Indiana Governor Inherits Big Problems

Indiana's newest governor has his plate full following the death of his predecessor, though lawmakers hope Gov. Joe Kernan (search) won't need time to get up to speed on pressing issues including a growing budget deficit and a property tax overhaul.

"It's not someone who has been sitting on the sidelines," House Speaker Patrick Bauer, a fellow Democrat, said Sunday. "He has been in the game."

In the last two years, Kernan, who became lieutenant governor in 1997, was the late Gov. Frank O'Bannon (search)'s point man on pushing major tax-restructuring and economic-development packages through a divided General Assembly.

Kernan, sworn in as governor six hours after O'Bannon's death Saturday, declared Sunday a statewide day of remembrance in honor of O'Bannon. Kernan remained out of the public eye in preparation for the week ahead.

Plans were pending for public funeral services this weekend in O'Bannon's hometown of Corydon in southern Indiana. At a later unspecified date, his body will be cremated, with the ashes to be interred in Corydon's Cedar Hill Cemetery in a private ceremony.

The governor's official portrait is to be displayed in the Statehouse rotunda on Thursday along with artifacts significant to his life. The public will be allowed to see the display, with visitors encouraged to write in a memorial book. On Friday, an interfaith service is planned on the Statehouse steps.

The state Supreme Court formally transferred power to Kernan on Wednesday, two days after O'Bannon, 73, was found unconscious in his hotel room while attending a trade conference in Chicago.

On Sunday, parishioners at a church where Kernan has attended services prayed for the new governor and reflected on O'Bannon's legacy.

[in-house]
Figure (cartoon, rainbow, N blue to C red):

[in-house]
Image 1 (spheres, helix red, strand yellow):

"We deeply respect the marvelous work that Gov. O'Bannon did as the leader of our state," said Rev. Thomas J. Murphy, pastor of the St. John Catholic Church in downtown Indianapolis.

Kernan, 57, must choose someone to take over his job as lieutenant governor and persuade the Democrat-led House and Republican-ruled Senate to ratify his choice by a majority vote.

He has given no public indication of who he might pick, but lawmakers doubt it will be either of two best-known Democrats running for governor - state Sen. Vi Simpson or former state and national Democratic Chairman Joe Andrew (search). He is under no deadline to make his selection.

Kernan also must soon decide whether to extend a 60-day stay of execution O'Bannon ordered in a death-row case, pending DNA results. Kernan, like O'Bannon, says he favors the death penalty "in those cases where it is deserved."

The state still faces an $800 million budget deficit and is falling deeper in the hole. Revenue for the first two months of this fiscal year came in $87.5 million below projections.

And many lawmakers in both parties say more must be done to blunt the court-ordered statewide property-tax reassessment, which has hit thousands of homeowners with higher bills.

Addressing the deficit and property-tax problems will likely require action in the Legislature, and Kernan only has four months to prepare for the session that begins in January.

"I think it will be steady as she goes," Bauer said. "I don't think he's going to reinvent the wheel or step out of bounds. I think he will do the duty that was thrust upon him."